An equivalence hypothesis test formally tests if a population parameter is equivalent to
a hypothesized value, that is, practically the same.
An typical parameter hypothesis test can never prove that the parameter is equal to the
hypothesized value, it can only ever disprove the null hypothesis of equality. By contrast, an
equivalence hypothesis test is of interest when the purpose is to prove that the parameter is
equivalent to a hypothesized value, that is the difference is less than some small negligible
effect size. An equivalence hypothesis test therefore constructs the null hypothesis of
non-equivalence and the goal is to prove the parameter is the equivalent to the hypothesized
The null hypothesis states that the parameter is not equivalent to the hypothesized value,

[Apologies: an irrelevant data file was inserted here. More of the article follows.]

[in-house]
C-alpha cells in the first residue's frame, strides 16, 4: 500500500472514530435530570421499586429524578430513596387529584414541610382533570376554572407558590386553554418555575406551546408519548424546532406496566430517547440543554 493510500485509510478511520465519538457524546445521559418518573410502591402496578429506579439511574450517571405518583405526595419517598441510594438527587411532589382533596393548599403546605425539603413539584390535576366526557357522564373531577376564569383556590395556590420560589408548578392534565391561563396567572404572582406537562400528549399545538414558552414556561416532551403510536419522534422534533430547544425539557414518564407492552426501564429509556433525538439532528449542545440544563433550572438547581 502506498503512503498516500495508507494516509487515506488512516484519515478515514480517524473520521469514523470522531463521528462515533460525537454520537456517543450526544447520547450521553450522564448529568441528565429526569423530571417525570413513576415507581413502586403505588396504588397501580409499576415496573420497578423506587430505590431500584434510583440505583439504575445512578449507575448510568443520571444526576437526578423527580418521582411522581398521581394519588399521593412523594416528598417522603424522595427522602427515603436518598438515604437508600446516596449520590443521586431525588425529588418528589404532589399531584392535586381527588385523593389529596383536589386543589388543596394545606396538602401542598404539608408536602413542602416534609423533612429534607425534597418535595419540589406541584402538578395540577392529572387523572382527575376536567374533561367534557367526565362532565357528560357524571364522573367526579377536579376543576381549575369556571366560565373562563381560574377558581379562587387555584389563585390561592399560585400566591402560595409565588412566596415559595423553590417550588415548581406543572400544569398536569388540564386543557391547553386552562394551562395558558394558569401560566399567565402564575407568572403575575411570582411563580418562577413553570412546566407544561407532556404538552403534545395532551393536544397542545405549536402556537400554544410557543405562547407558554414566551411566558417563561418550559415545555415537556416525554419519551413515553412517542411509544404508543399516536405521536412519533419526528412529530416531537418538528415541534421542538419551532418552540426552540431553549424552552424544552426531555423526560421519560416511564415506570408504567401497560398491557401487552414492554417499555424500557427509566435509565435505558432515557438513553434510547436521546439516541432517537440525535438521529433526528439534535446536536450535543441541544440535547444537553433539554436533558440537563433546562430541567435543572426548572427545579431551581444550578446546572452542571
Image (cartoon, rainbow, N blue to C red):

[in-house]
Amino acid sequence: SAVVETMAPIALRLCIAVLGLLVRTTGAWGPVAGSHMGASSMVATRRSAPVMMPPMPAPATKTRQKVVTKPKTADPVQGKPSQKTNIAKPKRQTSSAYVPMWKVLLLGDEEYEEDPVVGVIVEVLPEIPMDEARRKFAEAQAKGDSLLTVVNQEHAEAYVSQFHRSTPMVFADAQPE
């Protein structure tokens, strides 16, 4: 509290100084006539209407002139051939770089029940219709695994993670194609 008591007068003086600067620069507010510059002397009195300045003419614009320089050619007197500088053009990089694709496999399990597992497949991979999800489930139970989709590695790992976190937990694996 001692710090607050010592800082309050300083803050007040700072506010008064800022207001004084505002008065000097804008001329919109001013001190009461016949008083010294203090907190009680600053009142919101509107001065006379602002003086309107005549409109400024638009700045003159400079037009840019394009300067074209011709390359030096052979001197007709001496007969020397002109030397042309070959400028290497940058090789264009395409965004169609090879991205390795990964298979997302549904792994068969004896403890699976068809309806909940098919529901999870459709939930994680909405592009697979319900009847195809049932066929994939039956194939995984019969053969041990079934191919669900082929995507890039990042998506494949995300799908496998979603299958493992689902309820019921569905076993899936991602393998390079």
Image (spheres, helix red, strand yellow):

against the alternative hypothesis that it is equivalent within the equivalence interval. The
hypothesis is tested as a composite of two one-sided t-tests (TOST), H01 tests the
hypothesis that parameter is less than the lower bound of the equivalence interval, test
H02 that the parameter is greater than the upper bounds of the equivalence interval.
The p-value is the greater of the two one sided t-test p-values. When the test p-value is small,
you can reject the null hypothesis and conclude the sample is from a population with the
parameter practically equivalent to the hypothesized value.